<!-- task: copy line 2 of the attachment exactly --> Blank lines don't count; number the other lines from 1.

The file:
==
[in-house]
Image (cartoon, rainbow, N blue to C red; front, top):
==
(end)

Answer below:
Image (cartoon, rainbow, N blue to C red; front, top):